Gixx get some spinosad for those cabbage loopers; stops them eating instantly and they die in a day or two... Bulls Eye from Gardens Alive is what I use...

HG
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...

Everyone who has posted thus far in this thread is a genius. That is all..


...
You can solve all your problems in a garden/laboratory.

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The Helpful Gardener wrote:

Gixx get some spinosad for those cabbage loopers; stops them eating instantly and they die in a day or two... Bulls Eye from Gardens Alive is what I use...

HG
The Spinosad is an all "natural" organic product, a bacterial exudate. However


this study https://ipmworld.umn.edu/chapters/hutchins2.htm

basically says:

The topical acute activity of spinosad against honeybees is less than 1 µg per bee which places spinosad in the highly toxic to bees category of the EPA. However, once residues have dried completely, toxicity of foraging bees is considered negligible (Mayer and Lunden, 1998). There are minimal safety precautions and preharvest and reentry intervals for this reduced risk product.

again:
Beneficial insects: Care must be taken when applying spinosad while honeybees are foraging; after residues dry (a few hours) it is far less toxic to bees (Bret et al. 1997). Spray droplets can also harm Trichogramma wasps and other parasitoids (Suh et al., 2000; Tillman and Mullrooney, 2000; Bret et al., 1997). However, once the deposits dry, they are generally safe for beneficial insects.

So if you are using it you should be sure to do it in the evening after the bees have gone in for the day. It should be dry by morning and not be a problem.

The most environmentally neutral thing you can do to combat all these pest problems is to grow under floating row cover.
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Nice catch RBG; I did know that but forgot to include it. :oops:

Hey this is why I avoid all pesticides until I have to. They all kick holes in the biosphere, even the "safe" ones. It's all relative...

HG
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I just can't win can I?

Maybe you all will be happy all I did today was a smash and grab. Hard to say though! :(

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Still the finest pest control there is Gixx. No secondary damages there... :mrgreen:

HG
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Some of my bean plants are so riddled with holes, looks like they were hit with bird shot. But by using several gardening beds spaced 75 to 100 feet apart, using interplanting, and by using different varieties, the damage IMO is manageable. The bettles have not even found some of the bean plants yet. To me that is what one should strive for in a garden. Try to have a diverse habitat, with not too many plants of one vegetable in the same spot. In that kind of complex space, there is a good likelihood of striking a reasonable balance between beneficials and so called pests. Toss a good measure of hand picking whenever visiting the garden, and the balance will likely fall in the favor of the beneficials and the plants. I don't necessarily care to have picture perfect plants and fruit, but do expect to have healthy plants that give us a long harvest of high quality home grown veggies.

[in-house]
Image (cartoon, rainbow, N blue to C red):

Succsion planting is the final tool that helps the pest situation. Many pests come in waves, and with succession planting, one or more groups of plants may miss the pest activity almost totally.
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All good stuff Alex; to it I would add that polycropping with plants interspersed between each other is less condusive to everything getting munched at once (like my squash between tomatoes making plant to plant travel that much harder and confusing for squash beetles and bugs. AND the tomato pests too!).

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Yep, that is what I was calling 'interplanted.' In our raised beds, we don't have a single 4 x 4 space that is monocrop. For example, one 4 x 4 contains garlic and carrots. Another has garlic, lettuce and arugula. Another 4 x 6 space has day lilies, green beans, sweet peas, and a tomato plant. So goes the whole garden of raised beds and other square foot garden type spaces. I've got corn, squash, cucumbers and many tomatoes in somewhat traditional rows or very large blocks. But still, for tomatoes and cucumbers have multiple beds spaced far away from one another. And some of the cukes are interplanted with beans. I'm not very scientific with the interplanting and should look more at a list of compatible plants. So far everything seems to be doing pretty well to great so such is not a priority this year.